When equity partners in a law or accountancy firm (or those with a lawyer or accountant spouse) divorce, careful consideration needs to be given to the partner’s financial position and the disclosure required to understand and corroborate it.
The starting point in financial negotiations is the production of the Form E. The Form E should include details of the partner’s capital and income resources, as set out below. While some of the relevant financial information will be attached to the Form E, additional detail will likely be requested through questionnaires and, if appropriate, expert evidence.
Whether advising the partner or their spouse, we will need a broad understanding of the type of work the law or accountancy firm does and the particular partner’s specialisms. We also need to understand the structure of the firm, for example whether they have salaried, fixed share equity partners and or full equity partners as this will have an impact on their capital interest in the firm and remuneration structure. The size of the firm will also be relevant. The value of a partner’s interest in a large limited-liability partnership is likely to be limited to the capital and net undrawn profits with no ability to sell or dispose of their interest other than when leaving the partnership. For a small partnership of just a few partners, consideration may be given in divorce proceedings to the value of the partner’s share of the partnership, the extent to which it is a matrimonial asset and how any value can be extracted.
In terms of financial disclosure in divorce proceedings, depending on the size of the firm, and whether a separate valuation of the partner’s share of the firm is required, the following should usually be requested:
- a partner’s profit distribution statements for the last three financial years;
- anticipated distribution or cashflow statements;
- the firm’s remuneration policy;
- the partnership deed;
- a letter from the firm’s finance partner or director summarising the remuneration position;
- partnership accounts;
- monthly management accounts,
- the partner’s tax return and the partnership’s tax return; and
- a partner’s capital, current and tax account statement.
In some firms the rest of the partners may not agree to all of the required documents being provided and some may need to be redacted. This is particularly relevant now in circumstances where there is a drive towards transparency in the family courts and members of the press may in due course be entitled to see documents filed within financial proceedings.
When joining a partnership, a partner is usually required to contribute capital to the business. For a junior or salaried partner, capital contributions may be minimal or not required at all. For a senior or equity partner, however, the capital contribution is significant.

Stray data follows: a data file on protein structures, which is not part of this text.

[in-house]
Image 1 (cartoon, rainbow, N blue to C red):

The capital contribution is usually serviced by the partner taking out a specific partnership loan with a bank experienced in providing these. When considering financial disclosure in divorce proceedings, therefore, confirmation will need to be given in respect of whether the capital contribution was met by a loan and will effectively cancel out the funds otherwise held on that particular partner’s capital account.
Some firms have revolving credit facilities. This is a loan taken out by the firm rather than an individual partner and it reduces the need for individual partners to contribute. Such a facility would be guaranteed by the partnership and each partner would be allocated a portion of the liability. Some partners may be asked to make extra capital contributions throughout their membership, usually via their income. Such extra capital contributions will be owed to the partner (and not cancelled out by a corresponding loan), usually on retirement. Details of this should be provided on the Form E or by way of replies to the questionnaire.
Depending on when and how any capital contributions were made, funds held by the firm on the partner’s behalf may (or may not) be an asset of the marriage which forms part of the pot for distribution. The fact that undrawn capital exists, however, does not in itself mean that the parties can benefit from it straight away. There may be restrictions on the partner accessing the capital which in turn impacts if, when and how it should be distributed between the parties.
Partnership income is not straightforward and the net monthly sums available cannot easily be identified on a payslip.
A partner’s remuneration will depend on their specific role within the firm. A salaried partner will likely just receive a monthly salary rather than separate distributions of profit. A fixed share equity partner may receive monthly drawings and a distribution relating to their fixed share of the profits at certain intervals. A full equity partner is entitled to a larger share of the profits.
For full equity law firm partners, their remuneration is usually linked to either a traditional lockstep method or a modified points based system. Put simply, the more points you have, the more profit you are entitled to.
Partners are likely to be attributed a certain position on a lockstep ladder and allocated a number of lockstep points depending on their position on that ladder. Commonly, the more senior a partner is or higher their financial performance, the higher they will be on the lockstep. So if certain financial targets are met (which vary from firm to firm), a partner may be awarded a higher position on the lockstep. Some firms have gateways on the ladder which, once you have passed them, you will not subsequently go back down, therefore preserving a minimum position on the lockstep.